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The Last Train Ferry to Denmark

© Jonathan Wilcox (European Traction website) Main Text below, © Stuart Smith Former UK Train Ferry Routes, © Tom Chaffin, footnote

From the October 2020 Newsletter

There are only three remaining passenger train ferries in Europe: one between mainland Italy and the island of Sicily; one from Sassnitz (Germany) to Trelleborg in Sweden; and one from Puttgarden (Germany) to Rødby in Denmark.

The idea of putting a whole train on board a ferry to cross an expanse of water is one largely confined to the past – at least in Europe. This is predominantly due to the creation of numerous fixed links, such as the Channel Tunnel between the United Kingdom and France, or the Øresund Bridge between Denmark and Sweden. Additionally, the proliferation of low-cost air travel making the rail routes themselves redundant in a number of cases.

Even the three survivors are under threat.  That between Villa San Giovanni in Italy and Messina on the island of Sicily is mooted to be getting a bridge replacement (although this is very much an on/off affair – most recently being declared “off” for the time being); that between Sassnitz and Trelleborg is an overnight, (summer-only operation) which has been suggested for closure on a number of occasions; and that across the Fehmarnbelt between Rødby and Puttgarden is being replaced by a fixed link for which the construction contracts have already been signed.

The proposed fixed link across the Fehmarnbelt will take the form of an 18 kilometre long immersed tunnel encompassing a four lane motorway and a double track railway, and will be the world’s longest immersed tunnel upon completion. It will take 7 minutes to cross from one side of the Fehmarnbelt to the other by rail, and 10 minutes by road. Whichever way you look at it, a significant saving on the current 45 minute crossing time by ferry for either mode of transport. In addition, it will be far less susceptible to weather-related disruption. The shortened travel time from Hamburg to København is expected to drastically increase traffic between the two major cities.

It’s fairly clear that the pros of the fixed link far outweigh the cons, which are largely sentimental. However, the good news if you’ve yet to visit, is that the construction work has only just started, and is expected to take around 8½ years. However, the rail route between Neustadt and Puttgarden will close in 2022 until the tunnel is completed, so it is to be assumed that the train ferry will cease at that time too. Puttgarden station will not reopen open completion of the works.

All trains are formed of Danish class MF “rubber ring” DMUs, and are designated as ‘Eurocity’ premium services between Hamburg and København. Happily, however, it is possible to travel between København and Rødby (at least for the time being) with Danish Class ME diesel locos, and from Puttgarden (or Fehmarn-Burg on the German side of the water) to Hamburg at weekends in the summer with Class 218 “Rabbit” diesel-hydraulics.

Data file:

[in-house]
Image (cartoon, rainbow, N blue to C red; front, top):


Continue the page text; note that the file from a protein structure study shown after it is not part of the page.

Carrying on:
I last took a journey on this train ferry in Summer 2007, travelling from Denmark to Germany, and I found it very interesting. As befitting the nature of Denmark, the journey from København to the port at Rødby is one of numerous islands linked by bridges. After travelling via Roskilde, Ringsted and Næstved to Vordingborg (all on Sjælland), the train crosses first to Masnedø, then to Falster, and finally to Lolland on whose coast Rødby is situated.

It must be said that the scenery along the route is not necessarily fantastic – although I thought that the views of the water from the bridges – in particular the Storstrøm Bridge – were memorable. Lolland is also known by the nickname “Pancake Island” as a reflection of its flatness, and the railway is as good a way as any to appreciate this facet of its geography!  It is therefore something of a surprise to finally reach Rødby Færge station, with its pylons and floodlights reaching higher into the sky than even the turbines of the surrounding wind farms.

The ferry connection between Rødby and Puttgarden commenced operation on 14th May 1963 – completing a direct link between København and Hamburg. This was dubbed the “Vogelfluglinie”, or “bird flight line”, as it roughly follows a common migratory route used by birds. The route briefly took on international significance in late 2015 during the EU-wide refugee crisis. Large numbers of illegal immigrants, predominantly from Iraq and Syria, were trying to reach Sweden which was displaying a more welcoming attitude to them than most EU countries. As a result, the Rødby to Puttgarden ferry (and associated railways and motorways) ended up being closed on police orders. Reports described “chaotic scenes” where well over a thousand refugees disembarked from ferries arriving at Rødby, some “disappearing” to try an evade capture by the police, with others attempting to walk up the E47 motorway in the vague direction of Sweden.